When I was growing up, I never wanted to be a college soccer player. My goals were much loftier than that.
I knew as I hit my mid-teens that any day that call could come. I waited anxiously for the call that would change my life. The head of futebol operations for Clube de Regatas do Flamengo would be calling my parents to arrange for my flights back to Rio where I would learn from, not the ones who invented the game, but the people that made the game beautiful.
As reality began to set in that the anticipated call may never come (I still think if we had cellphones and “Fake-book” then they would have found me) I had to lower my standards and set my sights on trying to compete for a spot in college, just so I could keep playing the game I love to this day.
Times were much different in the world of college soccer, or college athletics in general, but especially in a game that was just beginning to gain attention at the recreational and club levels. I was fortunate to have the perfect storm of a young passionate coach combing the East Coast looking to build a new program and an average student and good soccer player desperately seeking but not deserving a second chance.
Every recreation program wants its kids to have fun and learn the game with a focus of hopefully making their high school teams. Every club pushes to have its players succeed at the high school level and land college spots to continue their careers. High school coaches want their kids to have the opportunity to play in college but enjoy balancing that with the players who finish their “careers” after high school season is over, playing with the intensity only those that know the time is now or never hold can understand.
Most every parent wants their young players to play at the highest level they can. Oftentimes parents get blamed for pushing their kids to succeed but really seeking the riches of the multi-million-dollar contracts that are blasted all over sports media for the few super-athletes able to take their games to the highest level. That’s unfair.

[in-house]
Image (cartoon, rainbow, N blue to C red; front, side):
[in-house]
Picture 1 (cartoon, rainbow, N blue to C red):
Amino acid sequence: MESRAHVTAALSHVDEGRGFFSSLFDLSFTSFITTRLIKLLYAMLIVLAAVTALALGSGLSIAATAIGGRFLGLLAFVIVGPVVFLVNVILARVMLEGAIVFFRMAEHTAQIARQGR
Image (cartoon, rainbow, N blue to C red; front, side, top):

Most parents ― not saying there aren’t exceptions ― only want what’s best for their child. I’ve seen the same excitement, enthusiasm (sometimes a little over the top) and encouragement that you see on the gridiron, pitch and court also in theater, band, and SkillsUSA.
The percentages of any high school athlete from any sport being able to continue their careers at any level of collegiate competition reflect the changing environment and increased competition. For high school soccer alone, only 5.6% of boys and 7.2% of girls will graduate and move on to play in college. When that happens, we all celebrate the player’s success from the recreation to club, high school and parents and the player gets passed on to the next level and their new “careers” begin.
It’s cool to be able to follow former players have success at the next level, but to be honest most of us are too busy working with our current players that we don’t have time to follow all of it. The players themselves are ingrained in their own new reality with harder classes and more intense daily practices and a new environment of freedom and flexibility, but also of new self-responsibility.
What happens when athletes find themselves in a situation where all that they’ve worked for to get to this level is either taken away from them by injury, a more demanding school schedule that requires more of the student’s attention, or an unsustainable relationship with the coach or teammates that make it difficult at best and not enjoyable at the worst to continue playing? When they no longer find it worthwhile to put in the time to compete for their spot on the field, what’s left for them at school when their sport is over?
I’ve seen many athletes over the years, some family members, some players I’ve coached, some I’ve watched at school and some who were friends of my kids, that have all gone on to various levels of success at the college level. But there have been enough times where I’ve seen an athlete end their career after only a year or two, for a number of reasons, and when they lose that connection to the team or the sport they love, find themselves at a school that they never would have chosen had it not been for them being able to play that sport in college. And the pandemic shutdowns have made it even worse for some.
Many juniors and seniors, and even some younger than that, are beginning to look at where they may want to or be recruited to play for at the next level. When going through the process, players should seek a sport-specific environment that suits their needs for competition, coaching, and development. And because they are required to have a certain academic achievement level, the student should select a school that not only offers their intended major, but has success with placing students into post-college careers.
More importantly, the player should make sure that in the absence of their ability to play their sport at their chosen school, in the chance that things don’t work out, they’re comfortable with the school they’ve chosen in the daily life of a non-athlete.
Author Roy T. Bennett said it best: “Take responsibility of your own happiness, never put it in other people’s hands.”
Make sure that when you are making the decision on where to play, make sure you are doing it for yourself, not for all of the people who have had a part of helping you along the way.
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